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College Crosse Prospectus: This week’s individual honors; Towson players suspended

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NCAA Lacrosse: Men's Championship Winslow Townson-USA TODAY Sports

GOOOOOOOOOOOOOOD MORNING, College Crosse Nation!! Thanks for making us a part of your day! Here’s everything you need to know for April 3, 2018.

What You Missed

In the latest Arestia Development, Cornell’s offense is really good. Dan says they’re on fire, but I’ll say it’s an INFERNO.

John Michael Night’s number is always present on the Mercer Bears in every game during the season.

Lacrosse The Nation

Let’s get to some of the national and conference honors for the week:

ACC:

  • Offensive Player of the Week: Justin Guterding (Duke)
  • Defensive Player of the Week: Dom Madonna (Syracuse)

America East:

  • Co-Offensive Player of the Week: Ian MacKay (Vermont) & Sean Tyrrell (UMass Lowell)
  • Defensive Player of the Week: Hunter Braun (UMass Lowell)
  • Rookie of the Week: Tehoka Nanticoke (Albany)

Big East:

  • Attack Player & Rookie of the Week: Keegan Khan (Villanova)
  • Midfielder of the Week: Ryan Nawrocki (Providence)
  • Defensive Player of the Week: Dylan Gaines (Denver)

CAA:

  • Player of the Week: Ryan Tierney (Hofstra)
  • Rookie of the Week: Joe Lenskold (Delaware)

Ivy League:

  • Player of the Week: Jack Tigh (Yale)
  • Rookie of the Week: George Grell (Brown)

MAAC:

  • Offensive Player of the Week: Foster Cuomo (Quinnipiac)
  • Defensive Player of the Week: Gordon Phillips (Monmouth)
  • Rookie of the Week: Noah Lode (Monmouth)

NEC:

  • Player of the Week: Joe Saggese (Sacred Heart)
  • Co-Defensive Players of the Week: Davis Stoner (Saint Joseph’s) & Kevin Beimfohr (Bryant)
  • Rookie of the Week: Dylan Furnback (Mount St. Mary’s)

Patriot League:

  • Offensive Player of the Week: Reed Malas (Bucknell)
  • Defensive Player of the Week: Foster Huggins (Loyola)
  • Faceoff Specialist of the Week: Collin Orr (Colgate)
  • Goalkeeper of the Week: Jacob Stover (Loyola)
  • Rookie of the Week: James Spence (Lehigh)

The Big Ten and SoCon release their individual accolades later today.

Elsewhere, Towson Tigers head coach Shawn Nadelen has suspended attackman Jon Mazza and defenseman Sid Ewell indefinitely in what he called a “team thing.” Attackman Dylan Kinnear was also suspended and is no longer listed on the team’s roster. Edward Lee of The Baltimore Sun has more:

Nadelen acknowledged that the loss of Mazza and Ewell stings, but said how Towson will respond during the rest of the season is up in the air.

“Obviously, I don’t have a crystal ball,” he said. “So all we’re doing as a team is understanding that when we step on the field, you can only practice and compete with the guys that you have.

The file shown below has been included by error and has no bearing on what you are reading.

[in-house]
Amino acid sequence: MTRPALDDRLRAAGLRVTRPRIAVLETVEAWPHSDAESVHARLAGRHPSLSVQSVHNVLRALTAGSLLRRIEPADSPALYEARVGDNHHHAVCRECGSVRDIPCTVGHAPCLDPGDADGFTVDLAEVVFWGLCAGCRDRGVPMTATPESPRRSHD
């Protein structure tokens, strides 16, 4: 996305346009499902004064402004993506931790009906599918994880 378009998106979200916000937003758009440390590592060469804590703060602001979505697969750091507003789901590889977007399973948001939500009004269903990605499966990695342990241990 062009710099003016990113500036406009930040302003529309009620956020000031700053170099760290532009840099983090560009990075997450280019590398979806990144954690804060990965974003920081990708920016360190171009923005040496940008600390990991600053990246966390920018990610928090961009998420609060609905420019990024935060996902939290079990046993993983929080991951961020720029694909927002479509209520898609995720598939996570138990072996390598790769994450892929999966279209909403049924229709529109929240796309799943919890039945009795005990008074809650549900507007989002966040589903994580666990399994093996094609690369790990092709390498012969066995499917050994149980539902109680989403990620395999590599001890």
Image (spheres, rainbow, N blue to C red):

“That’s something we have to continue to focus on — whether guys are with us on the field or not due to injury or, in this case, player suspensions. We’re a team for a reason.”

Asked whether the suspensions could galvanize the players, Nadelen replied: ‘I don’t know if it feels like a rallying point. I would just say that we’re in this together — through the good times and through the rough times. I think these guys understand that this is a situation where they need each other more and more, and I think they’re going to be able to support each other that way.”

Marquette’s SAAC program made this great video detailing a day in the life of FOGO Zach Melillo:

Lehigh’s John Mehok has overcome a lot to be an important player for the Mountain Hawks this season, as Justin Lafleur explains on the Mountain Hawks website:

It was hard for Mehok, but he handled his situation as well as he possibly could. It’s easy to focus internally during hardship, but he did his best to focus on helping his teammates however he could.

“Johnny is a tough kid, both physically and mentally,” said second-year captain Ian Strain. “When the injury hit, Johnny did a great job of looking outward and helping those around him. Emotionally, all I had to do was remind him how much we value his opinion as a scorer and offensive player, then point him in the direction of a player who could use advice. John worked tirelessly with the offense to be another positive voice from the sidelines.”

Ten games into his senior season, Mehok has been able to use more than his voice. He has started every game in the midfield and currently stands fourth on the team with 14 points (nine goals, five assists). If there was any doubt about Mehok’s health or abilities, it went away on Mar. 3 vs. Colgate when he posted four goals and one assist, leading the Mountain Hawks to a big 10-7 win over the Raiders.